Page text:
I won’t claim randomness, something often claimed and seldom achieved, but I will say there’s not a lot of system behind these choices. This is from a letter from Malcolm dated August 29, 1989. Malcolm was my first serious boyfriend, and after he moved to London in 1986 I lived with him for about six months in the winter and spring of 1987, taking classes at the Architectural Association, and visited for another month in the summer of 1988. By 1989 we both had new relationships. But we still wrote to one another.
The tree behind the flat,* a sycamore I think, has had half its branches trimmed off. Whether it is in preparation of being felled (or dismantled, which is a more appropriate expression given the number of garden fences that would be crushed by chopping it down Paul Bunyan style) or simply to let more light into the garden below, I do not know.
The net result to me is that I can see the church steeple behind more clearly. Its clangy bells have not rung for several months now — I wonder why. I can also see more clearly the wood pigeons who like to roost in the tree — they sit about now on the remaining branches looking embarrassed, very exposed, and confused. They’ve taken to hanging about in the jungle garden next door, ambling around through the overgrown grass and weeds. If anyone in the triangle bangs a window or makes some other loud noise, they swoosh up into the bare tree with a great flap-flap-flap of their wings. The cats also like the garden next door, I suppose because they can smooch about there and do those feline things, and no one will disturb them. The cats and the wood pigeons seem to have established some rota or agreement on use of the garden. The big birds would be a good match for any cat, even the big tom-cats that sometimes hang about, and they certainly win on numbers . . .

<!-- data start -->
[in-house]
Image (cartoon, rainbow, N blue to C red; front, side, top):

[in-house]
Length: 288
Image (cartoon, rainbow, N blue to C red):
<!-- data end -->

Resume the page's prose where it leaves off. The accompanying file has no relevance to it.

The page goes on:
*This would be the flat on Bolingbroke Road, Brook Green, London, where I’d stayed with M the year before. Why didn’t I want to watch the day the piano was swung into the second-floor windows? I was difficult.